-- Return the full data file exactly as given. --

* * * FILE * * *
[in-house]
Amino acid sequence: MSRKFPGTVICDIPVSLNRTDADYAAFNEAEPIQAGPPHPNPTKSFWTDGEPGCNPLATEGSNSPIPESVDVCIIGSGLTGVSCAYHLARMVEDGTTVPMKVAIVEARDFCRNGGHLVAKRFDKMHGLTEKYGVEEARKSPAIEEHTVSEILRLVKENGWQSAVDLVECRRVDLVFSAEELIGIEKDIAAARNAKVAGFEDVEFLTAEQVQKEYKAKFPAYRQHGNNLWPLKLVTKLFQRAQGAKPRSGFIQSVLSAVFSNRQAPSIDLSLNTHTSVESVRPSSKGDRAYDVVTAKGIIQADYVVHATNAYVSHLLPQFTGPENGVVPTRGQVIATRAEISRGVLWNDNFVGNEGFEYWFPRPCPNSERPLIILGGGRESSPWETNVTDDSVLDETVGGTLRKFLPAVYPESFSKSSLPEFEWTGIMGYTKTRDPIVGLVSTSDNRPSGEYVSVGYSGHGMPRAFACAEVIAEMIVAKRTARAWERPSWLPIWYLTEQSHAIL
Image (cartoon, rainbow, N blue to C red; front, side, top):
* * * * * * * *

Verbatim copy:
[in-house]
Amino acid sequence: MSRKFPGTVICDIPVSLNRTDADYAAFNEAEPIQAGPPHPNPTKSFWTDGEPGCNPLATEGSNSPIPESVDVCIIGSGLTGVSCAYHLARMVEDGTTVPMKVAIVEARDFCRNGGHLVAKRFDKMHGLTEKYGVEEARKSPAIEEHTVSEILRLVKENGWQSAVDLVECRRVDLVFSAEELIGIEKDIAAARNAKVAGFEDVEFLTAEQVQKEYKAKFPAYRQHGNNLWPLKLVTKLFQRAQGAKPRSGFIQSVLSAVFSNRQAPSIDLSLNTHTSVESVRPSSKGDRAYDVVTAKGIIQADYVVHATNAYVSHLLPQFTGPENGVVPTRGQVIATRAEISRGVLWNDNFVGNEGFEYWFPRPCPNSERPLIILGGGRESSPWETNVTDDSVLDETVGGTLRKFLPAVYPESFSKSSLPEFEWTGIMGYTKTRDPIVGLVSTSDNRPSGEYVSVGYSGHGMPRAFACAEVIAEMIVAKRTARAWERPSWLPIWYLTEQSHAIL
Image (cartoon, rainbow, N blue to C red; front, side, top):